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ECO-BUILDING – PART 3: Strawbales are outstanding as insulation!

The construction of strawbale homes has grown enormously around the world. The reason for this is the cost-effectiveness of the building material, and that the normal supporting structures and the clay-plastered straw bales replace many other materials, such as tile or wood cladding, wind-proof boards, insulation, plastics and decorative boards.

A large straw bale house - Wikipedia

Even large houses, such as exhibition halls of thousands of square meters, are being built using straw bales.

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From our three separate ’ProVillage’ -documents you can get a relatively clear idea about our project:

The documents can be found both in Finnish and in English.

Downloading might take some time, because the files have an approximate of 130 images.

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Wikipedia-Matawa_straw_bale_library

Here a library has been constructed using straw bales.  The wall support structures have been crafted for the windows. After this the walls have been plastered with a clay and sand mixture to leave it to a distinctive light colour.

straw-bale-house-window-installetion

The supporting structures are made in the same fashion as in the usual building of a house. Here a window-area has been prepared for the application of the external render.The window benches and the window frames are connected firmly together to the supporting structure. In the meantime, the ‘packages’ of straw are tightened and ‘barbered’ to a uniform surface.

Straw-bale-house-under-construction

The window benches and the window frames are connected firmly together to the supporting structure. In the meantime, the ‘packages’ of straw are tightened and ‘barbered’ to a uniform surface.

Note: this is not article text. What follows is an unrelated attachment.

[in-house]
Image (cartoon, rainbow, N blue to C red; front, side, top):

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The insulation capability of a straw bale structure

The Finnish thermal insulation requirements will tighten remarkably by the year 2010.

”The U-value (or U-factor), more correctly called the overall heat transfer coefficient, describes how well a building element conducts heat. It measures the rate of heat transfer through a building element over a given area, under standardized conditions. The usual standard is at a temperature gradient of 24 C°, at 50% humidity with no wind (a smaller U-value is better). U is the inverse of R with SI units of W/(m²•K)”

Source:  http://en.wikipedia.org/wiki/U-value#U-value

The U-value (previously known as the K-value) in part C3 of the collection of building regulations. —– The U-value is to indicate the thermal insulation of various structures in a construction.

The smaller the U-value, the better the insulative capabilities of the material.

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PASSIVE HOUSE:

“The term passive house (Passivhaus in German) refers to the rigorous, voluntary, Passivhaus standard for energy efficiency in buildings. It results in ultra-low energy buildings that require little energy for space heating or cooling”

Source: http://en.wikipedia.org/wiki/Passive_house

All or nearly all of the heat energy needed  is obtained from solar energy and the heat generated from the living in the house.

A passive house does not have an actual heating system. The outer shell of the house has to be well insulated and tight.

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550-1

The pictures above and below have been taken from a guide book which is published by Amazonails, which also can be downloaded in PDF-format from:

http://www.amazonails.org.uk/UserFiles/files/strawbaleguide.pdf

550-2

The following is a table of summary:

The tightening demands on external insulation of various building materials

building regs

.

The situation is such that if one was to use 45 cm of mineral wool on a wall, that would also fall into the requirements of a passive house, but at the same time would be very expensive.

So it can be deducted that in reality strawbales are the best and most cheapest insulation material, falling greatly below the norms with its values even under tightened circumstances.

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Here you can find a lot of literature in English on the topic:

http://www.amazonails.org.uk/?contentId=59

Pictures :  http://www.StrawBale.com and http://www.LearnStrawBale.com

An information package can also be found there which can be distributed freely.

Videos can be seen here => http://www.StrawBale.com/videos